On January 10th, I identified an unprotected Elasticsearch cluster which contained 51 GB of what appeared to be OCR (Optical character recognition) credit and mortgages reports, with total number of records in the database more than 24 Million (24,349,524 to be exact).

BinaryEdge search engine screen capture with the database info

At the same time, each record did not represent a single report, but rather different parts of the documents. Optical character recognition (OCR) is the mechanical or electronic conversion of images of typed, handwritten or printed text into machine-encoded text and was structured as follows:

  • “text” (data from documents)
  • “documentName”
  • “pageLength”
  • “uri” (IP used to retrieve the data)
  • “clientID”
  • “apiVersion”
  • “createdEpoch”
  • “isStartPage” (true or false)

These documents contained highly sensitive data, such as social security numbers, names, phones, addresses, credit history, and other details which are usually part of a mortgage or credit report. This information would be a gold mine for cyber criminals who would have everything they need to steal identities, file false tax returns, get loans or credit cards.

It is hard to tell, how many people were actually affected in the breach. Given the sensitivity of data, I have immediately initiated a responsible disclosure protocol to privately alert the alleged owner of the Elasticsearch cluster.

For background: to discover data breaches, leakages, and vulnerabilities on the Internet, we use public search engines only, such as Shodan, Censys etc. When we find a public database (data that’s fully accessible to anyone without any restrictions) we collect several digital samples for further analysis. If these samples contain any kind of private and sensitive data, we employ a Responsible Disclosure model to privately communicate the findings with data owners (the company or organization that left the information publicly accessible) and help them implement specific security safeguards to protect their private data.Bob Diachenko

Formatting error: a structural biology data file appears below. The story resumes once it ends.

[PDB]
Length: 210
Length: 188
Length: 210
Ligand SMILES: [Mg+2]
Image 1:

While researching the contents of the database I noticed that a massive amount of the documents referenced the CitiFinancial company. With this connection I sent a notification to Citi’s responsible disclosure emails on Jan 10. The following day I received additional request for technical details and got in touch with a Citi representative.

On Jan 15th, the instance has been taken offline and the data was secured. The representative from Citi was grateful for a responsible notification, but did not send any statement of clarification. In the message they sent to Zack Whitaker of Techcrunch (who assisted me in this investigation) reads as follows:

It appears the third party is a company that had purchased the loans and we have found no evidence that Citi’s systems were compromised

We teamed up with Zack to find out who was behind this data breach and analyzed history of IP that was part of database structure as “http://XX.XX.XXX.XXX:10013/api/documents/download/unique_ID“.

Read Zack’s take on this incident here: https://techcrunch.com/2019/01/23/financial-files/

RiskIQ Digital Footprint Snapshot showed a DNS resolution for that IP which lead us to a company named Ascension Data & Analytics, which specializes on variety of products and services for the financial industry, including document management with OCR, progressive property reports etc.

There were also references of Ascension Data & Analytics throughout the database as well, which left almost no doubts as of the ultimate owner of the exposed documents. In any case, we will update this publication if/when we hear back from Ascension.

The Danger of Leaving the Front Door Open

We have previously reported that the lack of authentication allowed the installation of malware or ransomware on the Elasticsearch servers. The public configuration allows the possibility of cybercriminals to manage the entire system with full administrative privileges. Once the malware is in place criminals could remotely access the server resources and even launch a code execution to steal or completely destroy any saved data the server contains.

Although companies acted fast to secure their data it is unclear how long it may have been publicly available or who else might have accessed the millions of records containing PII. Data privacy should always be a top priority, but companies need to be proactive when it comes to data protection.

About author and security researcher:

Bob Diachenko has over 12 years experience working in corporate/product/internal communications with a strong focus on infosecurity, IT and technology. In the past Bob has worked with top tier media, government agencies, and law enforcement to help secure exposed data. Follow Bob on Twitter and his blog on Linkedin, Email: bob@securitydiscovery.com